The Leaning Tower of Pisa stands, or should I say leans, in the Piazza dei Miracoli in the medieval part of Pisa. On my journey home from Florence there was no way I could fly out of Pisa’s Galilei Airport without stopping off at the Field of Miracles to take a look at the iconic campanile, the Baptistry and Pisa Cathedral.
Given World Heritage Site status by UNESCO 25 years ago, the Leaning Tower of Pisa is just a five-minute bus ride and a 30 minute walk from the airport. Easy to squeeze in a quick visit before my flight and a lovely way to round off my trip to Tuscany.
Directions here on how to get to the Leaning Tower of Pisa from Centrale Station, Pisa
Piazza dei Miracoli or The Square of Miracles
I arrived at The Square of Miracles, which is on the perimeter of medieval Pisa, just as the sun was going down and bathing the ornate buildings in a warm, golden light. The white marble buildings stood out against the rich green of the grass of the lawns where students lay enjoying the last of the sun. There are three buildings in the square, The Baptistry, The Cathedral and, of course, Pisa’s Leaning Tower. I didn’t have time to go inside the buildings or to climb the tower but still really enjoyed my brief visit.
The marble Baptistry at Pisa is also on the lean by 0.6 degrees towards the Cathedral. It stands slightly higher than the tower and is the biggest baptistry in Italy. The lower section with rounded arches is Romanesque style and the upper sections with pointed arches are Gothic style. At first I thought my photos were completely skewed until I found out that all three buildings in the Square, and other towers in the city, are all on a bit of a lean. The sandy soil in the area is the guilty culprit for this squiffiness.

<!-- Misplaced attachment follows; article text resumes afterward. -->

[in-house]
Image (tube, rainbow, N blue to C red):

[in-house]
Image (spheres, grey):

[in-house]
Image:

The Cathedral of Santa Maria Assunta – Duomo
Between the Baptistry and the Leaning Tower of Pisa stands the centerpiece of the complex, the impressive Cathedral of Santa Maria Assunta designed by architect Buscheto and the oldest of the three structures. Building started in 1064. In 1595 a fire destroyed most of the Renaissance art works although many mosaics and the famous pulpit survived.
The design is Romanesque but there are many influences and styles from other cultures including Byzantine and Islamic. Pisa was a Maritime Republic and trips to North Africa and the Middle East by sailors are depicted on various parts of the cathedral. The large bronze doors of the cathedral decorated with Moorish themes are right opposite the Leaning Tower of Pisa.
The Leaning Tower of Pisa
The Leaning Tower of Pisa is an iconic piece of Italian architecture standing 55m high and on the tilt to 5 degrees. Of course I knew it leaned but had no idea to what extent until I saw it up close. How on earth does it not topple over!
Construction goes back to 1173 but the bell tower was leaning before the third floor was even finished and work interrupted throughout construction. The tower is actually slightly bent from an attempt to straighten it to prevent it falling. In 1275 the tower was enlarged and three new levels added. In 1350 the belfry was added and the tower finally completed in 1372.
There are 294 worn steps to reach the top. A gallery and arcade is located on each level except the last one where there are 7 bells. The tower was closed from 1990 to 2001 because of instability whilst engineers tried to stop the tower from toppling but it’s now open again to visitors. The Leaning Tower of Pisa actually leans a little less today due to corrective work. It’s now at the same inclination that it was 200 years ago.
Tickets for the Leaning Tower of Pisa
Book Tickets to the Leaning Tower online or in the Square of Miracles. I’d recommend booking in advance to avoid queues – it gets very busy in high season.
I loved watching people doing what looks like Tai Chi whilst trying get that cheesy travel shot.
I spent a really pleasant hour wandering the Field of Miracles and marvelling at the tipsy tower. There’s more to Pisa than the tower and I saw many more sights on my walk to Pisa airport. I also had the best gelato ever. Here’s how to get to the Leaning Tower of Pisa from Centrale Station, Pisa.